The McDonnell Douglas MD-11 or Boeing MD-11 as it was later named, is the most modern tri-jet in operation today. It is both succesful carrying passengers and cargo.
The aircraft offers a highly sophisticated flight deck and advanced automatic system controls that substantially reduce pilot workload.
The aircraft is in service with numerous of customers worldwide and was produced at
Long Beach, California, at the Douglas Products Division of the Boeing Commercial Airplanes. At that time the aircraft was available in 4 different models;
passenger, all freighter, convertible freighter and combi, where passengers and freight are carried on the main deck with additional freight carried below the deck. An optional ER feature was available on all models. The efficiency of the aircraft is obtained by
advances in aerodynamics, propulsion, aircraft systems, cockpit avionics and interior design. One of the most striking improvements in aerodynamic design
include winglets and a redesigned wing trailing edge, a smaller horizontal tail with integral fuel tanks and an extended tail cone. These features all contribute to a decrease in total drag, fuel savings and an increase in range.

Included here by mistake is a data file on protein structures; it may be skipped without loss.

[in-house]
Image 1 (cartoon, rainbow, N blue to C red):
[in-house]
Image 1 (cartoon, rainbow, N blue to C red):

The MD-11 can fly up to 7,630 statute miles (12,270 km) at maximum take-off weight, 285 passengers and their baggage. The extended range version of the MD-11, with additional fuel tanks installed and operating at a higher maximum take-off weight of 633.000 lbs, can fly up to
8,225 statute miles (13,230 km). The seating capacity can vary from 285 in a typical three class configuration to 410 passengers in an all-economy class config. Below the passenger deck the aircraft has space to carry containerized or palletized cargo.
Most people associate the MD-11 with its predecessor, the Douglas DC-10. The most significant differences between these two aircraft are the additional length of approximately 6 meters and fuel saving winglets.